Cell Adhesion (Handbook of Experimental Pharmacology)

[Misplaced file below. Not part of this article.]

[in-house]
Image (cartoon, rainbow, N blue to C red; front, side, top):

As with other areas of biological research, the progress that has been made over the past 25 years in the field of cell adhesion is impressive. In the late 1970s, the searchfor specific cell surface receptors for adhesion processes was initiated - ing mainly biochemical and immunological approaches. Since then, theint- duction of novel methods of cellular and molecular biology and powerful te- niques for manipulatinggene expression in transgenic and knock-out mice have greatlyadvanced the field. Not only dowe now know the precise molecular structure of many of thecell adhesion receptors that were postulated to exist in the early days, but we have a clear picture of their function, and evidence of their involvement in signal transduction. We have also found clues to the role of cell adhesion in normal embryonal development and adult physiology, and we have evidence that disturbance in cell adhesion can cause disease. In this volume, our goal was to provide an overview of the main topics of c- rent cell adhesion research, including structural analyses of cell adhesion mo- cules and studies of their functionalrole in vitroand in vivo. We have focussed mainly on the four major families of cell-adhesion receptors, i. e. the cadherins, the integrins, the Ig superfamily and the selectin-based adhesion system. The chapters by Perez and Nelson and Choi and Weis describethe structuralbasis of cadherin function, focussing on the extracellular domain of cadherins and thecytoplasmic tail interactions with catenins, respectively.